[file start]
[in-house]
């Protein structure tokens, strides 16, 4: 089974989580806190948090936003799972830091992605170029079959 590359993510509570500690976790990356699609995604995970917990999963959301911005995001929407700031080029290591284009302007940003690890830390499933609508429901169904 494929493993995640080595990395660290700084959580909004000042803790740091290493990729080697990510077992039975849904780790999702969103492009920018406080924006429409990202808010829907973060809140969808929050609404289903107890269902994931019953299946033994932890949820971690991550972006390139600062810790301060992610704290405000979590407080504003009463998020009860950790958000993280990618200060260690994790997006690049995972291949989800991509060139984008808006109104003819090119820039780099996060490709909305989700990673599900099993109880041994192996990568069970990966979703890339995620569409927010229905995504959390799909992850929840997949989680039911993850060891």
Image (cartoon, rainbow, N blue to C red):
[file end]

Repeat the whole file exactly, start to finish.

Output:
[in-house]
């Protein structure tokens, strides 16, 4: 089974989580806190948090936003799972830091992605170029079959 590359993510509570500690976790990356699609995604995970917990999963959301911005995001929407700031080029290591284009302007940003690890830390499933609508429901169904 494929493993995640080595990395660290700084959580909004000042803790740091290493990729080697990510077992039975849904780790999702969103492009920018406080924006429409990202808010829907973060809140969808929050609404289903107890269902994931019953299946033994932890949820971690991550972006390139600062810790301060992610704290405000979590407080504003009463998020009860950790958000993280990618200060260690994790997006690049995972291949989800991509060139984008808006109104003819090119820039780099996060490709909305989700990673599900099993109880041994192996990568069970990966979703890339995620569409927010229905995504959390799909992850929840997949989680039911993850060891």
Image (cartoon, rainbow, N blue to C red):